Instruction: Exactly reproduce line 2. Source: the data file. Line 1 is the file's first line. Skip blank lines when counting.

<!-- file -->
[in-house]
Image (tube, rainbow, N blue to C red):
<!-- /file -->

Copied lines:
Image (tube, rainbow, N blue to C red):